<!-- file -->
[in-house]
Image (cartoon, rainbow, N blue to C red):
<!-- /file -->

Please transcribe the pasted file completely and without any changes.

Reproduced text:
[in-house]
Image (cartoon, rainbow, N blue to C red):